Who Gets an Online Degree? And is it Right for Me?

Getting a degree is more important than ever in today’s highly competitive job market. But is an online degree a good fit for me? To answer that, take a look at some of the people getting online degrees and how the entire process plays out.

Who Usually Gets an Online Degree?

Online degree programs are particularly attractive to professionals who don’t want to give up their day job while improving their chances for success.

According to the University of Phoenix, online degree candidates are usually career-oriented professionals with an average age of 38. A survey of online students shows that 20% own their own businesses or are executives; 30% are managers; and 44% are licensed professionals.

According to the University of Phoenix, 60% of their students complete their degrees online.

For most online degree schools, a student must possess a high school diploma and some schools have a minimum age of 22 or 23.

Is An Online Degree Right for Me?

If you’re a high school graduate, you can begin earning an online degree whether or not you’re employed or still looking for a job.

But apart from the bare minimum requirements, keep in mind some of the following points:

  • You need an up-to-date computer and internet access. For both of these tools, the faster, the better.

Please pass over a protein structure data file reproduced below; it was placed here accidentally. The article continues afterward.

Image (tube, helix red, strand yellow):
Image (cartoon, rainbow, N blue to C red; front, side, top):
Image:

• You need some basic computer skills – everything from instant messaging online to email, word processing and basic hardware operation.
  • Although online classes are flexible, it is much easier to pursue an online degree if your schedule is somewhat predictable.
  • Ensure you can dedicate approximately five to 10 hours a week for your online classes and coursework. If you can’t commit to this, you may have a difficult time finishing your degree.
  • Do you have some of the character traits necessary for online learning such as self-discipline, interaction, communication, teamwork, and focus?

In the end, what it boils down to is motivation. Why are you thinking of getting an online degree? If the answer to that involves self-improvement, staying on the competitive edge, or even simply changing careers, then you’re probably good to go. After all, knowing is half the battle.

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